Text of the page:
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Biorefining technology transforms food waste into nutrient products

October 09, 2012
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ALBERTA, Canada — A new biorefining technology for processing organic waste has been granted a patent by the United States Patent Office.

This new thermal hydrolysis and fractionation process, invented by Dr. Erick Schmidt, of Ponoka, Alberta, transforms food waste and animal by-products including meat and bones from carcasses into safe nutrient products for organic fertilizer and biogas production.

RELATED: California Energy Commission awards $6 million to expand biorefinery

The technology incorporates centrifugal separation of the hydrolyzed output, creating valuable fractions of fatty acids, amino acids and digestible minerals, and expands the commercial scope of an earlier patent granted in 1999.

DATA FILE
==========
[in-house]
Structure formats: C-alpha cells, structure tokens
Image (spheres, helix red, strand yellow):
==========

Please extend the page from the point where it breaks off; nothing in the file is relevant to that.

In addition to this new US patent (# 8,278,081), sister patents for this process have recently been issued by Japan, Australia and South Africa, with additional patents pending in the European Community, Asia and South America.

The technology, named the "BioRefinex process", has been adopted by the 178 member countries of the World Organization for Animal Health (OIE) for the destruction of all infectious microbiological pathogens and TSE agents causing prion diseases such as BSE (Bovine Spongiform Encephalopathy) in cattle and CWD (Chronic Wasting Disease) in elk and deer. The process, which utilizes high pressure and high temperature steam reactors and integrated centrifuges, provides an alternative to incineration and landfilling of disease risk materials such as carcasses, and creates economic value from the nutrient output materials.

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